Breaking Down Banks Breaking Down

David Keller

In a recent appearance on Bloomberg Television, I pointed out that the Financial stocks (NYSEARCA:XLF) have the most to prove leading into earnings season.

A review of the charts shows there is plenty to be concerned about, from the big banks to the asset managers.

While megacap Technology (NYSEARCA:XLK) and Consumer Discretionary (NYSEARCA:XLY) names have been pushing the market higher, the Financials sector has seen a short-term pattern of lower highs and lower lows.

Here’s the YTD performance of these three sectors.  Note how the three traded in a similar fashion in the first quarter, before their paths clearly diverged in the second quarter.

Performance Chart – $XLF vs $XLK vs $XLY

xlf financials sector performance vs stock market chart_july 2018In fact, the charts of some of the larger banks have been disturbingly weak, with names like Goldman Sachs (NYSE:GS) and Bank of America (NYSE:BAC) breaking down through key support levels. Note how BAC has just recently broken down through its 200-day moving average.

$GS Goldman Sachs Stock Chart

goldman sachs stock chart gs decline lower financials_july 2018$BA Bank of America Stock Chart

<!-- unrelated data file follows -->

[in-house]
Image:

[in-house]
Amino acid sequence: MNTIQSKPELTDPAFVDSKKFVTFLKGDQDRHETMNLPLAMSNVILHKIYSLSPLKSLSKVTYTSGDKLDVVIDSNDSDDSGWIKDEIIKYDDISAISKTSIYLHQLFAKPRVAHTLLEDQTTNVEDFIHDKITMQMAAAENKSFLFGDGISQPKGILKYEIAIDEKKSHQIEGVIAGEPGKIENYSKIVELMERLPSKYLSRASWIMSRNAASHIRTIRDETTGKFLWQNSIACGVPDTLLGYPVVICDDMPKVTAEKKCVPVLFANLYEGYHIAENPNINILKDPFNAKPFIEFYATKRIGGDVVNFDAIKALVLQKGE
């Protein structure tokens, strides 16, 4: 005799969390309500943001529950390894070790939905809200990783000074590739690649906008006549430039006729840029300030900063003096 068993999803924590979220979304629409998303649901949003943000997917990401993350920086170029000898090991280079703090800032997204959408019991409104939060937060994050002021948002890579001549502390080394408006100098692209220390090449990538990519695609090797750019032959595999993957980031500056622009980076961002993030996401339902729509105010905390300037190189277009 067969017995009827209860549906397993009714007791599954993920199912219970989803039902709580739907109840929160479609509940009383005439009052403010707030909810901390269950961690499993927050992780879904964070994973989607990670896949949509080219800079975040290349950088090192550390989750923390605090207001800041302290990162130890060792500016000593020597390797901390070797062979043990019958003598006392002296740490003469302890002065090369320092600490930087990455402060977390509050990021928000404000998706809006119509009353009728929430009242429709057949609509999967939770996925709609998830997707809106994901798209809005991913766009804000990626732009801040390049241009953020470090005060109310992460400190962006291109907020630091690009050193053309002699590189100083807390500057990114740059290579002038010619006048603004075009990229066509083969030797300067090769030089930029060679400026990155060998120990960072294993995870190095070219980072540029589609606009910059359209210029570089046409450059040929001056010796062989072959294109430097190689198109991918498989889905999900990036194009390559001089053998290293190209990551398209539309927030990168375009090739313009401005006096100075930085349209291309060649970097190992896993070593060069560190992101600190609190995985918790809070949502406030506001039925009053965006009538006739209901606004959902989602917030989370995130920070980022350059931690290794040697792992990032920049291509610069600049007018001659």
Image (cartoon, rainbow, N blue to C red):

bank of america stock chart bac decline lower financials_july 2018Many of the asset managers have seen similar patterns.  Here we have State Street Corp (STT) recently violating its 200-day moving average and nearing another new low this week.

$STT State Street Corp Stock Chart

state street bank stock chart stt decline lower financials_july 2018There are some bright spots in the Financial sector.  The exchanges come to mind, with many in established uptrends and consistently breaking to new highs.

S&P Global Inc (SPGI) comes to mind as the type of name that looks more like a Consumer or Tech name than a Financial stock.  SPGI reached another 52-week high this week, and remains above two upward sloping moving averages.

s&p global inc spgi stock chart bullish trend higher banks_july 2018As the big banks begin to report earnings, the weight of the evidence is clearly bearish on the short-term charts.  Until we see some sort of accumulation on the charts, we have a pattern of lower lows and lower highs with no end in sight.

Twitter:  @DKellerCMT

Any opinions expressed herein are solely those of the author, and do not in any way represent the views or opinions of any other person or entity.